I’m more of a talker than a doer, which is why when I saw one of the most handsome men I’ve ever seen rapping in a two-minute freestyle about a year ago, I decided to try and interview him instead of trying to sleep with him.

Veezo’s a bit of an urban legend in our social circle – the young Tswana rapper who migrated to SA and made everyone who knows him proud by signing to a major label. The fact that this deal didn’t work out doesn’t seem to deter anyone from celebrating it; they’re just happy to know someone who kinda sorta won at life at some point. And the success of his apparel line with long-time friends and collaborators Tshego, Yaw Bannerman and Gordo, VOODOO, only adds to his star quality.

So far I’d never gotten the opportunity to bask in his alleged glory, or be severely underwhelmed by its lack, whichever way things went, but after watching his We Made It freestyle, I knew I’d have to somehow seek him out and put an end to my curiosity once and for all.

After pulling a few strings and managing to finagle my way into his contact list through the help of yet another person who assured me he was ‘a cool guy’, I spoke to him and arranged to meet a man who seemed polite enough (over the phone).

He was on a music video set with Faded Music Group – a bunch of young men who make trap music and scare the parents of teenagers while capturing the hearts of the kids. He appeared and greeted me warmly enough. He was polite and trying to make a good impression and might I add, as gorgeous as ever, and I decided that even if he was boring, his face just might save this interview.

He apologised because he was still shooting and led me out onto the patio while he went back to work promising to be back soon – like I was complaining. I was sitting in one of the grandest houses I’ve ever seen on a music set with beautiful women all around me – he could take as long as he likes, I assured him.

Veezo was born Luvuyo Lejowa some twenty something odd years ago in Johannesburg to his Xhosa mother and Tswana father. His dad, a pilot, wasn’t around much growing up so when his parents decided to split, Luvuyo decided to go with the one parent he felt he knew better and his older sister.

‘The three of us moved into a flat and I watched my mother basically start from scratch. But it was like… We finally felt like a family – just the three of us. It didn’t seem like anything was lacking. She’d go to night school and stuff and I watched her better herself over the years. Now she’s made it and I think I get my desire to make my own life from her.’

‘I actually used to listen to a lot of R’n’B – Donell Jones, Montell Jordan – Those were my people!’

As a child he went to Baobab Primary school in Gaborone and, weirdly enough, listened to a lot of R’n’B.

‘My love for music started at a young age because my sister put me on. I actually used to listen to a lot of R’n’B – Donell Jones, Montell Jordan – Those were my people! I wanted to be like them. I wanted to be an Usher one day or B2K – I even bought a B2K CD.’ And that, ladies and gentlemen, was his first mistake, which inevitably led up to the second – he got cornrows.

‘My mom didn’t try to stop me. She had no say. I saw what I liked and when hip hop was in, when the snapping was in (during the rise of the Crunk genre made famous by Lil Jon and affiliates) I had the huge shirts.’ His love of hip hop only started halfway through primary school when his friend T-Izzy (now a locally famous personality) started rapping. ‘We had a little group called Broadway and I didn’t know I could rhyme or anything but I didn’t want to feel left out… We performed at school shows and stuff but I didn’t think I was that great so I stopped in high school.’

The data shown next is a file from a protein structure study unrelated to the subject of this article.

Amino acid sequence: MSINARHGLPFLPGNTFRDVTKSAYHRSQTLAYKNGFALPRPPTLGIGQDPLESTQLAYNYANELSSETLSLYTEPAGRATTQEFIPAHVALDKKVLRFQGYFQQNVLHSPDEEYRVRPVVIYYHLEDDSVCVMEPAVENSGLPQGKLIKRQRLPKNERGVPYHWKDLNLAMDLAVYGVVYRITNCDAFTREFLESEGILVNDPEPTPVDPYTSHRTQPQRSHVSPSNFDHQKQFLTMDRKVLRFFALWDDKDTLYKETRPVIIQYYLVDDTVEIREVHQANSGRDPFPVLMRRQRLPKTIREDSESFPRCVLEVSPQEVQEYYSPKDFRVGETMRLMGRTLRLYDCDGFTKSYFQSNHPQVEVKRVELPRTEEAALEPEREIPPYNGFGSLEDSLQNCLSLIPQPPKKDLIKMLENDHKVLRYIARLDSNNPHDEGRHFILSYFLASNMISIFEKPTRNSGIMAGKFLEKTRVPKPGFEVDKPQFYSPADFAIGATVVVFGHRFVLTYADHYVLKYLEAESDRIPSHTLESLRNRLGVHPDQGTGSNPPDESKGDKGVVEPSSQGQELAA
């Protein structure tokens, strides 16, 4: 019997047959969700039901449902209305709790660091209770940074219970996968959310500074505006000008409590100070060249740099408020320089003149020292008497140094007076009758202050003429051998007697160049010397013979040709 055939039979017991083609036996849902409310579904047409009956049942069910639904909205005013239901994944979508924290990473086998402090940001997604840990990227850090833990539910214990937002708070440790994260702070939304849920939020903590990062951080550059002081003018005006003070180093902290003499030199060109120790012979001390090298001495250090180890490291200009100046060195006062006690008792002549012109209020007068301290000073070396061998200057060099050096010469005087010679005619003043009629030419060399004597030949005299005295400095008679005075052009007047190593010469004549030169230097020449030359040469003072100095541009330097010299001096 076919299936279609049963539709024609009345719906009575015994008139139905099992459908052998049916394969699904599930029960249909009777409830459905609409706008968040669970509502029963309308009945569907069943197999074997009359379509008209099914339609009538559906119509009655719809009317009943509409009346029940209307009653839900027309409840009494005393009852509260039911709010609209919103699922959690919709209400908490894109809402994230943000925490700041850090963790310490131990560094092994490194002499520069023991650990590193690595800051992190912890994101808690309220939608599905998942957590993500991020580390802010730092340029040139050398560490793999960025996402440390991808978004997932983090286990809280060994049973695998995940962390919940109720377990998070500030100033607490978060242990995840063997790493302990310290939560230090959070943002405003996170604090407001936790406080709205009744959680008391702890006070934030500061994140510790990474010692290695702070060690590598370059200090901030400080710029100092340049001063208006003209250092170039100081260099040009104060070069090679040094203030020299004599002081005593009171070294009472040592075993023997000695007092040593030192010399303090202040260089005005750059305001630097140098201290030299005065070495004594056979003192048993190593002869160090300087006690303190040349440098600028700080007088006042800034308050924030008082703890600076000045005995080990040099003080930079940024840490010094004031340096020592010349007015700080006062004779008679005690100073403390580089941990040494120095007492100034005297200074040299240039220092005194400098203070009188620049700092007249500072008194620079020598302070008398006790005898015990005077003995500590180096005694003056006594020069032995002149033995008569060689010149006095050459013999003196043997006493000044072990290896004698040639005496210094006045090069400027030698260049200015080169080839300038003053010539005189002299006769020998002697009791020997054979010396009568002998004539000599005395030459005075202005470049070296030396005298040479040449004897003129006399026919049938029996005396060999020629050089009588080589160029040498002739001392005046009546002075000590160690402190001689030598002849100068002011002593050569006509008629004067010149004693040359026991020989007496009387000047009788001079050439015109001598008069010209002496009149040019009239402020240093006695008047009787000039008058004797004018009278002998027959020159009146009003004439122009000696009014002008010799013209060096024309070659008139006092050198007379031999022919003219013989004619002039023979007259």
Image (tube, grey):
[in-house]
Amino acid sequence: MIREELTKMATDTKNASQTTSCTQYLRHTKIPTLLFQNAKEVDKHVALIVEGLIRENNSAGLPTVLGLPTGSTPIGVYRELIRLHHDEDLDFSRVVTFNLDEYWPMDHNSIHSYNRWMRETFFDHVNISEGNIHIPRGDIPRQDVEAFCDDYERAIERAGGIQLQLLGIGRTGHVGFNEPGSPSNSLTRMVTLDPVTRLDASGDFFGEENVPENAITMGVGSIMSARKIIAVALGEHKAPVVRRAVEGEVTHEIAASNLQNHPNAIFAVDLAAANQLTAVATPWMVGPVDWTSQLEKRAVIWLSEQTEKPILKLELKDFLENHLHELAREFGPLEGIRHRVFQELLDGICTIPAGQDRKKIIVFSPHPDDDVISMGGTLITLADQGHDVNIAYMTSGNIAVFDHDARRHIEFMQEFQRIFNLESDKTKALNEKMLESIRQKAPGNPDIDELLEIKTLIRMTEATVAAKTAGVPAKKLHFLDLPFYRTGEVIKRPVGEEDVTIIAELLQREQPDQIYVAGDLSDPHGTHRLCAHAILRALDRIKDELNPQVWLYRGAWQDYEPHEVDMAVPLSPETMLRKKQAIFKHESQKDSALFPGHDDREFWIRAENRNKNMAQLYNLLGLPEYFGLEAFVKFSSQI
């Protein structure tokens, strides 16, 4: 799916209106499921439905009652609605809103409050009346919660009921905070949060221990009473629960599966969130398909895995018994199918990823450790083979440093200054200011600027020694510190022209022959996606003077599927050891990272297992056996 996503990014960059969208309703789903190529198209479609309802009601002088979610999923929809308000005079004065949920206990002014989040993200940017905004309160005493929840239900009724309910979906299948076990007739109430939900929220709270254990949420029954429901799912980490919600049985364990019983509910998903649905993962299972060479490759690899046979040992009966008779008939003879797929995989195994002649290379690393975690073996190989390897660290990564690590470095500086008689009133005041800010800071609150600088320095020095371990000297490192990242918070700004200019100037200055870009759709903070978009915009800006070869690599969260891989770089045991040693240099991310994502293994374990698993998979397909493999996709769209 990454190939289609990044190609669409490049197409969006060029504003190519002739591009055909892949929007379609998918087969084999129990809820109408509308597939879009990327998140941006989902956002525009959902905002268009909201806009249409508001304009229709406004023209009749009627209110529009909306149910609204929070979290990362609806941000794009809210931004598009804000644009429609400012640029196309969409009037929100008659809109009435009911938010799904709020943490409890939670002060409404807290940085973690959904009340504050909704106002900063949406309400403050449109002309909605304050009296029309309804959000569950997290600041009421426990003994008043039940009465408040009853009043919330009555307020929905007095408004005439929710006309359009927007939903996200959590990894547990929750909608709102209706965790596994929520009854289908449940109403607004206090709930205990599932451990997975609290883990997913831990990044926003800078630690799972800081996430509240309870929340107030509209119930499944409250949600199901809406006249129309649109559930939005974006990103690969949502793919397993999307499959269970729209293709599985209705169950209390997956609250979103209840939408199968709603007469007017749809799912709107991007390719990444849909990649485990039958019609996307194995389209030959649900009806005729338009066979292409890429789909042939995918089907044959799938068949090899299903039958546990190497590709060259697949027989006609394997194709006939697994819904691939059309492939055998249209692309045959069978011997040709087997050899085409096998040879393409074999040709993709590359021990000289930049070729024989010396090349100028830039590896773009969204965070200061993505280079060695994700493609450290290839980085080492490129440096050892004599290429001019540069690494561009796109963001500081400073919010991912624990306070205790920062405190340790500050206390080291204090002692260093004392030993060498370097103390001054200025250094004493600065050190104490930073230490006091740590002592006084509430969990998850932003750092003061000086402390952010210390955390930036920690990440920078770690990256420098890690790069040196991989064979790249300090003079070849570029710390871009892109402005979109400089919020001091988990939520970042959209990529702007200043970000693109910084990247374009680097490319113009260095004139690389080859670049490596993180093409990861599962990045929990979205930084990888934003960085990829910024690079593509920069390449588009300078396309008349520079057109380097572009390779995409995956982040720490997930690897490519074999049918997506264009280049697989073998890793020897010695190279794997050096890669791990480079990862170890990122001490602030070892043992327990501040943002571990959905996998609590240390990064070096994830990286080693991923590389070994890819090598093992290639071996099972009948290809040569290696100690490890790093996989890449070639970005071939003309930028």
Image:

‘My sister went to Gaborone Senior Secondary and she always told me how cocky and shit those kids were and I said yep, that’s the place for me.’

He chose a different high school to his friends: ‘I didn’t want to experience the same old thing so I opted to go to MAP [Maru A Pula]. My sister went to Gaborone Senior Secondary [a government high school close to MAP] and she always told me how cocky and shit those kids were and I said yep, that’s the place for me. I didn’t write any other entrance exam – that school was the only option. So I wrote the entrance exam and got accepted then I went, and that was it.’

It was there that he’d lose, and later regain, the desire to rap.

‘In Form 6 someone approached me and said “Yo, you used to rap and you were pretty good so you should try it out again,” and I was like why not? I’m fucking young, it was fun, I had no worry in the world, I could do that instead of doing my homework. I’d do my work in the morning before I got to school.’

Around that time he did a jingle for radio legend Tumi Ramsden, who was with Yarona FM (the youth’s radio station of choice) at the time, replacing friend and fellow rapper Young Slugz. Award-winning producer Bk Proctor heard the jingle and gave him a beat.

‘We made a pact that we were gonna humble ourselves, move to Joburg the next year, get into school and do music from there.’

The resulting Young and Fresh got a remix with some of Botswana’s most recognised rappers Thato ‘Scar’ Matlhabaphiri and Ralph ‘Stagga’ Williams III and shot to the top of the charts. ‘It felt like that was the shit I’m supposed to do.’

But fate intervened and Luvuyo ended up going to the University of Pretoria to study finance management. He quit pussyfooting with music. ‘My mom wasn’t having it.’ He met Tshego, who had a studio there, and gradually got less interested in school. The World Cup was on too. And he eventually quit finance. ‘We made a pact that we were gonna humble ourselves, move to Joburg the next year, get into school and do music from there cos that was where we needed to be. Joburg is where the music is coming from; it’s where the industry is.’

It happened and Veezo decided to take a gap year to make music before going to AFDA [the South African School of Motion Picture Medium and Live Performance].

‘During the course of my gap year I was making a mixtape called STRES which stood for Success Through Recording Everything Sober and I was sober for a year – no drinking, smoking nothing. It was like fasting. I wasn’t saying I quit, I was taking a break to help me elevate myself. I could come back once I reached it. I recorded that and the last track I recorded on the mixtape was All I do.’

Everyone knew the guy who said ‘I wanna put my dick in Minnie Dlamini’.